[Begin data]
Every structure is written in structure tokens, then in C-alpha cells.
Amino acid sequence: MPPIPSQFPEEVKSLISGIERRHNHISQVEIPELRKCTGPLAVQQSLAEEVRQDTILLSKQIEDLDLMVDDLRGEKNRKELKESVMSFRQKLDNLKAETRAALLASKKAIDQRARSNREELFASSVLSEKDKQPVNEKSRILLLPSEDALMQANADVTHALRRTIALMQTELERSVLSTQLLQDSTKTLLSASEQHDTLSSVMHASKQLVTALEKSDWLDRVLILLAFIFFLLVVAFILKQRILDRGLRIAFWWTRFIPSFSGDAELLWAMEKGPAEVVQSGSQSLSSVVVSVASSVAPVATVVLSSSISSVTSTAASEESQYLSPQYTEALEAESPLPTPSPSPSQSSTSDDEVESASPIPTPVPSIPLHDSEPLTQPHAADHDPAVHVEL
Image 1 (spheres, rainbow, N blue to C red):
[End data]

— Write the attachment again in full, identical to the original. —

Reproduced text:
Every structure is written in structure tokens, then in C-alpha cells.
Amino acid sequence: MPPIPSQFPEEVKSLISGIERRHNHISQVEIPELRKCTGPLAVQQSLAEEVRQDTILLSKQIEDLDLMVDDLRGEKNRKELKESVMSFRQKLDNLKAETRAALLASKKAIDQRARSNREELFASSVLSEKDKQPVNEKSRILLLPSEDALMQANADVTHALRRTIALMQTELERSVLSTQLLQDSTKTLLSASEQHDTLSSVMHASKQLVTALEKSDWLDRVLILLAFIFFLLVVAFILKQRILDRGLRIAFWWTRFIPSFSGDAELLWAMEKGPAEVVQSGSQSLSSVVVSVASSVAPVATVVLSSSISSVTSTAASEESQYLSPQYTEALEAESPLPTPSPSPSQSSTSDDEVESASPIPTPVPSIPLHDSEPLTQPHAADHDPAVHVEL
Image 1 (spheres, rainbow, N blue to C red):